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YGL138(t), encoding a putative signal recognition particle 54 kDa protein, is involved in chloroplast development of rice

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      Abstract

      Background

      Normal development of chloroplast is vitally important to plants, but its biological mechanism is still far from fully being understood, especially in rice.

      Results

      In this study, a novel yellow-green leaf mutant, ygl138, derived from Nipponbare ( Oryza sativa L. ssp. japonica) treated by ethyl methanesulfonate (EMS), was isolated. The mutant exhibited a distinct yellow-green leaf phenotype throughout development, reduced chlorophyll level, and arrested chloroplast development. The phenotype of the ygl138 mutant was caused by a single nuclear gene, which was tentatively designed as YGL138( t). The YGL138( t) locus was mapped to chromosome 11 and isolated into a confined region of 91.8 kb by map-based cloning. Sequencing analysis revealed that, Os11g05552, which was predicted to encode a signal recognition particle 54 kDa (SRP54) protein and act as a chloroplast precursor, had 18 bp nucleotides deletion in the coding region of ygl138 and led to a frameshift. Furthermore, the identity of Os11g05552 was verified by transgenic complementation.

      Conclusions

      These results are very valuable for further study on YGL138( t) gene and illuminating the mechanism of SRP54 protein involving in chloroplast development of rice.

      Electronic supplementary material

      The online version of this article (doi:10.1186/1939-8433-6-7) contains supplementary material, which is available to authorized users.

      Related collections

      Most cited references 53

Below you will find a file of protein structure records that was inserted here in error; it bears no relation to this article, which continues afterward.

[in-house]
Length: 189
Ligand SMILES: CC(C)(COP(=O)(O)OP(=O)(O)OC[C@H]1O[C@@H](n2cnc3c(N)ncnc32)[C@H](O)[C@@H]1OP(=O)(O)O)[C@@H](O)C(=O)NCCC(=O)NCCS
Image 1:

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      MAPMAKER: an interactive computer package for constructing primary genetic linkage maps of experimental and natural populations.

      With the advent of RFLPs, genetic linkage maps are now being assembled for a number of organisms including both inbred experimental populations such as maize and outbred natural populations such as humans. Accurate construction of such genetic maps requires multipoint linkage analysis of particular types of pedigrees. We describe here a computer package, called MAPMAKER, designed specifically for this purpose. The program uses an efficient algorithm that allows simultaneous multipoint analysis of any number of loci. MAPMAKER also includes an interactive command language that makes it easy for a geneticist to explore linkage data. MAPMAKER has been applied to the construction of linkage maps in a number of organisms, including the human and several plants, and we outline the mapping strategies that have been used.
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        CDD: a Conserved Domain Database for the functional annotation of proteins

        NCBI’s Conserved Domain Database (CDD) is a resource for the annotation of protein sequences with the location of conserved domain footprints, and functional sites inferred from these footprints. CDD includes manually curated domain models that make use of protein 3D structure to refine domain models and provide insights into sequence/structure/function relationships. Manually curated models are organized hierarchically if they describe domain families that are clearly related by common descent. As CDD also imports domain family models from a variety of external sources, it is a partially redundant collection. To simplify protein annotation, redundant models and models describing homologous families are clustered into superfamilies. By default, domain footprints are annotated with the corresponding superfamily designation, on top of which specific annotation may indicate high-confidence assignment of family membership. Pre-computed domain annotation is available for proteins in the Entrez/Protein dataset, and a novel interface, Batch CD-Search, allows the computation and download of annotation for large sets of protein queries. CDD can be accessed via http://www.ncbi.nlm.nih.gov/Structure/cdd/cdd.shtml.